THE LOOK recommends you listen to: Exile On Main Street while reading this.
The fashion world is abuzz with the imminent rebirth of the Ossie Clark brand under the wing of WGSN mogul Marc Worth at London Fashion Week.
Backed by investors Amery Capital, it’s clear Worth is steering young designer (and, to some, shock appointee) Avsh Alom Gur in the direction of luxury, reflecting the languid, 20s and 30s-influenced aspects of the original designer’s work.
//Gur: Shock appointee//
This seems likely, given Gur’s previous experience at Donna Karan, Roberto Cavalli, Chloé and Nicole Farhi, and is underlined by his description of his work as “feminine, effortless, flamboyant.
These were certainly qualities to be found in the sublime designs of the master – just take a gander at examples from arguably the greatest Ossie archive, held by C20 Vintage Fashion).
What THE LOOK really wants to know about Ossie Clark 08 is: Will it rock?
//Ossie Clark and Celia Birtwell, Notting Hill early 70s//
As Clark’s partner, muse and fabric designer Celia Birtwell (who is not involved in this latest relaunch) says in THE LOOK: “Ossie’s known as a feminine designer but everyone forgets he also came up with really hard-looking rock-y clothes. We had leather bike jackets, like the ones Brando wore in The Wild One, in a lot of different colours and materials. They were absolutely beautiful.”
//Ossie snakeskin hotpants (c) C20 Vintage//
And it’s true, Clark was as rock & roll as they come. His shows were the first to use models dancing and whooping it up to contemporary music (in this case spun by underground figures such as DJ Jeff Dexter and T.Rex’s manager Tony Howard).
“The shows were devastating and very rock business,” says fellow designer Antony Price.
“The models were stoned on the catwalk in these amazing outfits. He wore eccentric, fabulous clothes himself, at the centre of that whole scene in Ladbroke Grove with people like Miss Hockney floating around stoned in blue-silver Rivieras.”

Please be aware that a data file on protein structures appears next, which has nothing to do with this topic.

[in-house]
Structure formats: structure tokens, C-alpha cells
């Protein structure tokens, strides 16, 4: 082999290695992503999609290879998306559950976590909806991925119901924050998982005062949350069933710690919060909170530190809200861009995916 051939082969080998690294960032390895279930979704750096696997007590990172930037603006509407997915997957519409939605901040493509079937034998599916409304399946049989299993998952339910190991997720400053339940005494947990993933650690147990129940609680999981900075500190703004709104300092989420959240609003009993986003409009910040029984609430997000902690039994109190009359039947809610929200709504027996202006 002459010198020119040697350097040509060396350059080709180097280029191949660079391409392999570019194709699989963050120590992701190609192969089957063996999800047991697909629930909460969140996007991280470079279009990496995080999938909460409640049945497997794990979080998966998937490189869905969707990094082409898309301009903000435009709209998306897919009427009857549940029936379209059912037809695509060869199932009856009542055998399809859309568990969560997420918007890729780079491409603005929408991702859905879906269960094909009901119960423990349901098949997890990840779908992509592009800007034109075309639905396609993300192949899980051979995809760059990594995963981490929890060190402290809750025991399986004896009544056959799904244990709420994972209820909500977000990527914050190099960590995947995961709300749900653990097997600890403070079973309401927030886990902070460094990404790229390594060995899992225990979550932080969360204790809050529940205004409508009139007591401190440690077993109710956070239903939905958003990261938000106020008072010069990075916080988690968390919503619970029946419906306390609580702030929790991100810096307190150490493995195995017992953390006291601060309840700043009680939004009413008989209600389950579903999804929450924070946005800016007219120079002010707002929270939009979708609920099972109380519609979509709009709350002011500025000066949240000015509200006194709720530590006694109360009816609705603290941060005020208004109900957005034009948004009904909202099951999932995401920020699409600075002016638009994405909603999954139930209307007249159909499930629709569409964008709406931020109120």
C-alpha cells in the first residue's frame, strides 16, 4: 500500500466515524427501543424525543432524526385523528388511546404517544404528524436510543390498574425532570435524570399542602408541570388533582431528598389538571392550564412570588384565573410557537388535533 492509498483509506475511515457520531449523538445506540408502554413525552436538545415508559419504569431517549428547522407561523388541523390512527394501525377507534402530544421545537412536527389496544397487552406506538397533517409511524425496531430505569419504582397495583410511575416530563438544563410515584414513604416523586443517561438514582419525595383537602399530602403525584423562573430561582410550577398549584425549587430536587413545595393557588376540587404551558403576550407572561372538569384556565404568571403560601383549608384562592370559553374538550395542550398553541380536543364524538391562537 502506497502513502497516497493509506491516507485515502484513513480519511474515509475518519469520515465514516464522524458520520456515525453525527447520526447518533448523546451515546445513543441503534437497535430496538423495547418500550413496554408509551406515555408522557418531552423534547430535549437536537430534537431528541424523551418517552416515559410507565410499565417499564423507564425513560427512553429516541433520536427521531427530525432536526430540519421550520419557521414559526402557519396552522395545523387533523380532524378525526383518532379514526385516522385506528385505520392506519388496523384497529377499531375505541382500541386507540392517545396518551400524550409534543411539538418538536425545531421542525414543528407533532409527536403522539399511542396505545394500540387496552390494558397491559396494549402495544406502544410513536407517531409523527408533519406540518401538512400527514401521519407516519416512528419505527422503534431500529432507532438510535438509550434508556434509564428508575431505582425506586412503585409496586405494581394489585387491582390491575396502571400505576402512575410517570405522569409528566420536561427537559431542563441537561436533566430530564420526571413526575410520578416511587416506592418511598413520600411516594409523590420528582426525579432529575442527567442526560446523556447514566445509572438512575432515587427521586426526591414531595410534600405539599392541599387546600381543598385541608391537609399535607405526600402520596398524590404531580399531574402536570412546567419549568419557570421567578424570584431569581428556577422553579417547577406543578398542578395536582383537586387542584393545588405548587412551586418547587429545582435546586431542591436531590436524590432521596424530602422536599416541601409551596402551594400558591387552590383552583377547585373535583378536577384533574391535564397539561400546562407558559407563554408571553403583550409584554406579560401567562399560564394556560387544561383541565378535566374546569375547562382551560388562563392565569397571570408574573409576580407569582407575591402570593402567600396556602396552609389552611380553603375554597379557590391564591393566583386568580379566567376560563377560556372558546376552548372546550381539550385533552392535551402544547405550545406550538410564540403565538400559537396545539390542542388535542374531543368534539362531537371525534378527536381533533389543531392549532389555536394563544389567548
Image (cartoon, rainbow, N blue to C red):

Clark had long mixed in music and art circles – David Hockney was one of his Royal College Of Art contemporaries, as was designer Zandra Rhodes, and an early girlfriend was Jenny Dearden -“the ultimate ’60s rock chick with long blond hair and purple crushed-velvet trouser suit” according to Birtwell.
//Ossie snakeskin vest (c) C20 Vintage//
Both a fan and an intimate of the rock aristocracy, Clark had attended The Beatles’ 1964 gig at the Hollywood Bowl as a personal guest of Brian Epstein. In his life, there were musical connections every which way; Lindsey Corner, who worked at King’s Road shop Quorum (where Clark’s career took off), was the long-term girlfriend of Pink Floyd’s Syd Barrett.Barrett was later to be infatuated with another Quorum employee, “Silly” Gilly Staples, while, for a spell, Quorum’s van driver was the man who replaced Barrett in Pink Floyd, guitarist Dave Gilmour.
Designer Anna Sui has said of Clark: “He dressed the woman we all wanted to be: the rock star’s girlfriend.”
//Every inch the rock star//
Meanwhile, Birtwell’s favourite photograph of Clark dates from his heyday in July 1970 in which he looks every inch the pop star. “I love that photo,” says Birtwell. “It really sums Ossie up.”
//Sketch for tour jumpsuit (c) V&A//
For THE LOOK’s money, Ossie reached the heights of rock fashion with his incredible design for the adorned jumpsuits worn by Mick Jagger on the Rolling Stones’ notorious debauched “STP” tour around the US in 1972 to promote their greatest album, the wasted and majestic Exile On Main Street.
Revealing, louche and overtly sexual, there were 10 jumpsuits in various shades and styles owned by Jagger, who wears a sequined stretch velour version (which unpopped down the front) for the Stones’ performance at Madison Square Garden that year, as caught by ace rock photographer Bob Gruen.
//Bob Gruen shot from Madison Square Garden, 72//
It’s sad to note that this period coincided with the pinnacle of Clark’s personal and business fortunes; unable to keep a tight rein on his financial affairs and plagued by relationship, drug and drink problems, Clark’s life soon spiralled out of control and his talents were only just being reappraised when he was murdered by his psychotic lover in 1996.
For the full story of Ossie Clark’s wild life and tragic demise, see Chapter 15 of THE LOOK.